Starting from a classical linear regulation, we will present the evolution towards a simple switching version. This will allow us to analyze the operation without going through the classical theoretical developments. In other words, a "practical" view of things. You can use the proposed design to significantly increase the backup time and efficiency of a battery-powered device. By: Chloé Chloé
IC 7805 Linear Mode
Linear power supply We assume that most of our readers have already used the 78xx series regulators, whose basic diagram is shown in Figure 1.
With a 7805, the output is of course fixed at a potential of 5 V, and the input must receive a minimum of 7.5 V to obtain proper operation. The two capacitors are decoupling capacitors that prevent possible oscillation of the regulator.
C1 is the "reservoir" capacitor that filters the DC voltage from a rectifier. Another "reservoir" capacitor is often provided at the output (C2), but of lesser capacity.
This type of power supply has been satisfactory for a long time, but it has a major flaw: as soon as the current supplied to the load exceeds a few tens of milliamperes, the regulator begins to heat up significantly.
If one wishes to deliver the maximum allowed current of 1 A for a TO220 package, one must resort to a sizable heatsink. This dissipated heat is a waste of energy that we seek to limit as much as possible, especially when powering a prototype with batteries or accumulators and when one wants to obtain significant autonomy.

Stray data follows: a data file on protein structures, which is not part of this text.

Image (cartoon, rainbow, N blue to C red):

Moving Towards a Switching Topology
It is clear that a switching regulator is needed. To access it, you may be surprised to learn that only four components need to be added to the previous circuit diagram. You will find this evolution in figure 2.
At first glance, this diagram may seem a little perplexing, but you will find that the operation is simple. Two operating conditions need to be considered:
- a current in the load is less than thirty milliamperes
- a significantly higher current.
In the first case, the regulator alone performs the work, and the complementary components are inactive. Therefore, the operation is in linear mode (figure 3a), and the output provides a perfectly continuous 5V voltage. In the second case, the load is such that the current consumed is greater than 30 mA.
You should know that a Darlington transistor becomes conductive when the voltage between the base and emitter is around 1.4 V.
The 30 mA in the load also passes through resistor R1, so a voltage of 1.41 V (47 ohms x 30 mA = voltage drop across R1) appears across it. As a result, the transistor conducts and supplies current to the output through inductance L1. Energy is then transmitted to the output, powering the load. The output voltage will quickly exceed 5 V (figure 3b).